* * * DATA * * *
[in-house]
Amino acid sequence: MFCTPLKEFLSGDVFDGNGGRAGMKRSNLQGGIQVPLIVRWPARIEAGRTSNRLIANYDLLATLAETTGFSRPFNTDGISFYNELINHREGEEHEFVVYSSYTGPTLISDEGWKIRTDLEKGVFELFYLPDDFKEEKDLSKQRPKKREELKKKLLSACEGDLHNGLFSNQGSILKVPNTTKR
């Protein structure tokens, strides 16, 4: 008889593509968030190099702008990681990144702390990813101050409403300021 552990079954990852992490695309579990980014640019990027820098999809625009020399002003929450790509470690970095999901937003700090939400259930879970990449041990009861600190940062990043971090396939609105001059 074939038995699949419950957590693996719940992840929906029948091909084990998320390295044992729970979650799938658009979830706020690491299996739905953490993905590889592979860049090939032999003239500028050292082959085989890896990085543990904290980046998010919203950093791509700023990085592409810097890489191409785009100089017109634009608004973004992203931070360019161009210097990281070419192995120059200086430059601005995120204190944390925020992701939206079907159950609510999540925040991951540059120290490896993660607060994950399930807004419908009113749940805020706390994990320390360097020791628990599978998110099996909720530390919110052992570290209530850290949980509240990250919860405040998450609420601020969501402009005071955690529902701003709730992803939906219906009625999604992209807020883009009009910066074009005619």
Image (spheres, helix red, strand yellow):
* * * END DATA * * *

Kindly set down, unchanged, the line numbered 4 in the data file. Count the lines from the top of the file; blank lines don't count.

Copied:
Image (spheres, helix red, strand yellow):